Rising Gas Prices Taking Toll On Tri-State Area Drivers

NEWARK, NJ (CBSNewYork) — Rising gas prices are taking their toll on drivers across the Tri-state area.

WCBS 880’s Marla Diamond With The Area’s Highest Price

The national average for a gallon of gas shot up again Thursday to $3.61. So far, that’s a 33 cent spike since the first of the year and it’s 42 cents more than you were paying this time last year.

New Jersey sits slightly below the national average at $3.53, but the cost of gas in the Garden State will go up again on Friday.

A gallon of regular will go up 3 cents at stations on the Garden State Parkway and the New Jersey Turnpike to $3.54 per gallon. Middle grade will hit $3.72 and premium is jumping to $3.83.

In New York and Connecticut, drivers are shelling out an average of $3.89.

Click here to check gas prices near you

And in many places, it’s already well above the $4 mark, nearly $4.50 at a station along the Hutchinson Parkway.

“It seems like it’s getting out of hand right now,” said driver Tom Salierno.

“I just paid $4.49, hopefully enough to get me to a gas station where they’re a little cheaper on Long Island,” said driver Michael Cacciola.

The skyrocketing prices are threatening to undercut an economic rally and land a punch on President Obama as he gears up for re-election.

WATCH: CBS 2’s Kathryn Brown reports

A new AP poll shows 58 percent of those surveyed say they disapprove of how he is handling the rising prices at the pump, but he isn’t offering any quick solutions.

“While there are no silver bullets short-term when it comes to gas prices and anybody who says otherwise isn’t telling the truth, I have directed my administration to look for every single area where we can make an impact and help consumers in the months ahead,” Obama said Thursday.

In 2009, gas was priced at only $1.98 a gallon. In 2010, prices rose to $2.97 and then to $3.43 last year.

Sound off in our comment section below…

  • kafantaris

    Iran faces a delicate issue. On the one hand it wants to show the world all it’s got and put it at ease, while on the other hand it fears that such show ‘n tell will give its enemies a roadmap to bomb it.
    Saddam Hussein faced a similar dilemma ten years ago. Though he wanted the world to know he had nothing to hide, he also wanted to bluff his archenemy Iran into believing Iraq still had WMD.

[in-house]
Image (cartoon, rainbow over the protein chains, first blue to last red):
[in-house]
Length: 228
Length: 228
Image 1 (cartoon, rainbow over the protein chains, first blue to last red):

Bluffing did not go well for Saddam, and it might not go well for Ahmadinejad.
    But since the price tag for ridding Saddam proved high, maybe we ought to reflect what we are asking of Iran now. On the eve of a threatened attack, we are asking it to take us to the depths of its arsenal and show us all it’s got.
    Such great expectations are a sign we have been talking to our friends too long and are in need of a broader perspective. Exactly when was the last time we asked Pakistan, India, China or Russia to show us their arsenal?
    “But those countries are not advocating the destruction of Israel.”
    True, but Israel is not a thorn on their side either.
    Surely, however, we can see beyond the hyperboles and figure out their underlying purpose. Or have we forgotten that not all Iranians are thrilled with Ahmadinejad?
    He sure hasn’t.
    Nor has he forgotten that that his countrymen hate Israel even more. So he tells them that Israel will be wiped from the face of the earth. Expectantly, this nonsense unites them against a common enemy. It is even a diversion from the misery and isolation brought on by his theocratic regime.
    Quite clever work by Ahmadinejad — and not a rial spent or a bullet fired.
    So why are we letting the crazy talk about destroying Israel get us all worked-up — to the point of turning the world topsy-turvy again.
    Can we not see the desperate attempts of an unpopular regime simply trying to hold on?

  • jerseyjoey

    As much as this hurts to say i do think it’s time to nationalize the oil industry in the USA and take Wall Street and speculations out of the mix, it’s not working and will lead to the collapse of the American way of life. The beginning has already started of the economic fall, most people i talk to including myself have decided to cut back spending on non-essentials, that is bad news for service and retail America and to throw salt in the economic wound buying green has become very popular also, it keeps American money here in our hands.

  • Trooper

    What is the President supposed to do? Get involved in the Markets? Oil/Fuel is a commodity not a utility. If the oil companies quit exporting all of our fuel, maybe we will have enough for domestic consumption, lowering the price. Fuel was the US # 1 export last year.

  • alex fabro

    People are simply going to pay whatever they need to pay for gas and not spend elsewhere. Economy will struggle and back to the same place we started 3 years ago.
    This topic is having big discussions at comunitee.com

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